'It Takes Two': Women’s Empowerment in Agricultural Value Chains in Malawi
IFPRI Discussion Paper 2006 (2021)
71 Pages Posted: 30 Mar 2021
Date Written: March 3, 2021
Inclusive agricultural value chains (VCs) are potential drivers for poverty reduction, food security, and women’s empowerment. This report assesses the implementation of the Agricultural Technical and Vocational Education Training for Women Program (ATVET4Women) that aims to support women with vocational training and market linkages in priority agricultural value chains. This report focuses on Malawi, one of the six pilot countries of the ATVET4Women; and focuses on vegetable value chains in which some non-formal training sessions have been conducted as of October 2019. This report presents (1) program experience of stakeholders; (2) evidence of program benefits and challenges among ATVET4Women non-formal training graduates; and (3) baseline data on value chain and empowerment indicators, using a pilot household survey-based instrument for measuring women’s empowerment in agricultural value chains (pro-WEAI for market inclusion) and supplementary qualitative research. Results show graduates’ satisfaction and appreciation of the training provided, and some graduates reported having access to more lucrative markets as a result of the training. However, positive changes in several outcome indicators were reported by only some graduates: 30 percent of graduates reported increased production and sales. There is no significant difference in the reported changes and levels of vegetable production and income between graduates and non-graduates. Qualitative findings suggest that constraints to accessing agricultural inputs and funds to upgrade their production may be why there are no measured differences. Results on empowerment status reveal that 73 percent of women and 85 percent of men in the sample are empowered, and 73 percent of the sample households achieved gender parity. The main contributor of disempowerment among women and men is lack of work balance and autonomy in income. Fewer women achieved adequacy in work balance than men. Adequacies in attitudes about domestic violence, respect among household members, input in productive decisions, and asset ownership are generally high for both women and men, but significantly lower for women. While this report is mainly descriptive and further analysis is ongoing, it offers some lessons and practical implications for improving ATVET4Women program implementation and its outcomes on women’s market access, incomes, and empowerment.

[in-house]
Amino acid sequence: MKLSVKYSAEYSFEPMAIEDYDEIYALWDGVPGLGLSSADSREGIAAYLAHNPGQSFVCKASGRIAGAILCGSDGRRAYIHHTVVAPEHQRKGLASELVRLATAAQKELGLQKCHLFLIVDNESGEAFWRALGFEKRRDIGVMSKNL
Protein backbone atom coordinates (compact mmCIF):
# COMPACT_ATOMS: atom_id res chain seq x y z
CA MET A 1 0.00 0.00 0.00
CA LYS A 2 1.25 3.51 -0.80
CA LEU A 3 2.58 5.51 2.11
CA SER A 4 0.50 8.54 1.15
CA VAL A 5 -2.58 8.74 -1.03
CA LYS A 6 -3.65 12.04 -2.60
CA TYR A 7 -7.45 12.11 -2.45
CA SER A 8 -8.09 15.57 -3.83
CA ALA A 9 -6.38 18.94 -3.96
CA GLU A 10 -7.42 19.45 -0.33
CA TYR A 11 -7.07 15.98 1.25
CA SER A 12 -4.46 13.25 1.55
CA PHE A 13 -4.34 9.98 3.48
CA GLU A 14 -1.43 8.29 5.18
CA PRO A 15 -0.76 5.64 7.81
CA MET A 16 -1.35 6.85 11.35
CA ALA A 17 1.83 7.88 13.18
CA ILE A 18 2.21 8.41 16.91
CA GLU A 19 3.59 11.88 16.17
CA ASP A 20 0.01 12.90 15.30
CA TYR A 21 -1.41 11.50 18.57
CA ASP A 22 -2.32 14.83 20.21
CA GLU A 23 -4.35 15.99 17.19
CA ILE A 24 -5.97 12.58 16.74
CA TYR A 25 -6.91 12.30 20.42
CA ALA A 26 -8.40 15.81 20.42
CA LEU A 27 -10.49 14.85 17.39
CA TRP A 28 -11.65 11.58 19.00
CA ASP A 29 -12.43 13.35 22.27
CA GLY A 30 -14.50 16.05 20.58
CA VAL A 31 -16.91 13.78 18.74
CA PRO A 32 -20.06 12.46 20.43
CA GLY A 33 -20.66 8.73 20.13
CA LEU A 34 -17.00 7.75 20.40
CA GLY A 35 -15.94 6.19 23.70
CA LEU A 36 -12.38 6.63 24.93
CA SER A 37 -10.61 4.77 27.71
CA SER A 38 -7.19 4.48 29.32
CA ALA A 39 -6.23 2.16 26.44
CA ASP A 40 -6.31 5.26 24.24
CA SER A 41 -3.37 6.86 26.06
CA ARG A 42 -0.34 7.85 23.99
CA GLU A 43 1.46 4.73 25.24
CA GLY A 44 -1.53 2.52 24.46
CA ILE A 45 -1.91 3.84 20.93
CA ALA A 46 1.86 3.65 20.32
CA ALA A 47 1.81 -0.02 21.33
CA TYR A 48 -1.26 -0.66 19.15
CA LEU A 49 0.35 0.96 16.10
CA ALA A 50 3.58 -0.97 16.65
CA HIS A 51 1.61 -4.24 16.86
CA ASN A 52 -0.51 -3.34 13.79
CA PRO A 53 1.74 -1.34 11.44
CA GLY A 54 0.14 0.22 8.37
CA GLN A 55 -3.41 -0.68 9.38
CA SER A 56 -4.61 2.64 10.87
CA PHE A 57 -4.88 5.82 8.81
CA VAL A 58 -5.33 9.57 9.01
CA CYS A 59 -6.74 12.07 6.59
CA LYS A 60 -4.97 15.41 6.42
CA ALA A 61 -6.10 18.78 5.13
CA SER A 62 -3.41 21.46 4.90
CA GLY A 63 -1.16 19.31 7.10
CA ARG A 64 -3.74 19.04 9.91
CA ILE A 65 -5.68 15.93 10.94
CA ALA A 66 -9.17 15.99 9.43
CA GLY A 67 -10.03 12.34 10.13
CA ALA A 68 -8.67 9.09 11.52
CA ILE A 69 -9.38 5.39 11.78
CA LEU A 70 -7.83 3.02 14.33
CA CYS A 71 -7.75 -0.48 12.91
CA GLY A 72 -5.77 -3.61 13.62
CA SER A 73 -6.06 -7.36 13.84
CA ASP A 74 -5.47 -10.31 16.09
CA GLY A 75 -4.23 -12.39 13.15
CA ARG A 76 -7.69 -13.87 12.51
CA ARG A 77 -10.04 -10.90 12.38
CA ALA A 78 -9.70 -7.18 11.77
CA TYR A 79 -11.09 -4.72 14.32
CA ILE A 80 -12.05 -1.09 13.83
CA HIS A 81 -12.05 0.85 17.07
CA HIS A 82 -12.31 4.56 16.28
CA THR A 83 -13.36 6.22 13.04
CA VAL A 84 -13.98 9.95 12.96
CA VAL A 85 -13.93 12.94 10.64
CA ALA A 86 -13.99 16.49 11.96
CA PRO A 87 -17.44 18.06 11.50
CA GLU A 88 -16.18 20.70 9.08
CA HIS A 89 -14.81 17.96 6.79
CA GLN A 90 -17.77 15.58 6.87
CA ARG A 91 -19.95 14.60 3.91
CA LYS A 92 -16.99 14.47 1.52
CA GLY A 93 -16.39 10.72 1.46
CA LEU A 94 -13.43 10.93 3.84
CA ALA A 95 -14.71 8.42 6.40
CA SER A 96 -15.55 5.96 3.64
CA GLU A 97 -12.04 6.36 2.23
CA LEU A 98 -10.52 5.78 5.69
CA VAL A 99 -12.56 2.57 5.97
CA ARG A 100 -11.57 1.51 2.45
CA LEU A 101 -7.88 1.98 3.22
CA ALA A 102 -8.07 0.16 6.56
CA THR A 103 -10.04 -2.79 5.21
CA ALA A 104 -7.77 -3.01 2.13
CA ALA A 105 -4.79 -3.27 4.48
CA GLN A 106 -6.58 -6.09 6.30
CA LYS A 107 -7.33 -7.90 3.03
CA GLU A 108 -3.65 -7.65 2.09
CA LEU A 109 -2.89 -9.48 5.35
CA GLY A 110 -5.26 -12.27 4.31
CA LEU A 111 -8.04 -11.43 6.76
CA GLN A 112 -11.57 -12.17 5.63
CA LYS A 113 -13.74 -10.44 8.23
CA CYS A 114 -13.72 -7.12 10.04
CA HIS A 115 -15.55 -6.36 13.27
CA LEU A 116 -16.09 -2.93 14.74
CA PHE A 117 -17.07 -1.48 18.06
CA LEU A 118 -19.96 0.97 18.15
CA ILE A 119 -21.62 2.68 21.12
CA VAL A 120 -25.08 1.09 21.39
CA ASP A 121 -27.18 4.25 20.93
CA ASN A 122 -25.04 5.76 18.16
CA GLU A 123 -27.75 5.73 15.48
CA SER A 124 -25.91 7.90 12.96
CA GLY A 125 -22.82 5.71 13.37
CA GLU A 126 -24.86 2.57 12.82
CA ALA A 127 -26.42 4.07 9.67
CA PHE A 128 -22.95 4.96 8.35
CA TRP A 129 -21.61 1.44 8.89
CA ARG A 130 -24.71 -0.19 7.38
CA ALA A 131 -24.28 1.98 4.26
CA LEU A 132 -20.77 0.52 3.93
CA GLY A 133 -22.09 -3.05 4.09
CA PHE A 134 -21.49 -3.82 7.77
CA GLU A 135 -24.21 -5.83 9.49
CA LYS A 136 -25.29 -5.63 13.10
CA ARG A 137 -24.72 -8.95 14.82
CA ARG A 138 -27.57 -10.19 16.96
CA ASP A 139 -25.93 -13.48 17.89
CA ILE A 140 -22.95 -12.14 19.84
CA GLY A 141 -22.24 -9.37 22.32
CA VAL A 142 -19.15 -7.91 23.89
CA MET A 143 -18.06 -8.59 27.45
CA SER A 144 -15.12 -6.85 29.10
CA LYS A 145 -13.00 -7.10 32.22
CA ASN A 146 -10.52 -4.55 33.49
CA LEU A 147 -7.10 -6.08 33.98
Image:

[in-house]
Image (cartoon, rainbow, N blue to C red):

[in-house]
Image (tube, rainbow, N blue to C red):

Keywords: Malawi, Southern Africa, Africa South Of Sahara, Africa, empowerment, gender, women, women's empowerment, agricultural value chains, value chains, training, market access
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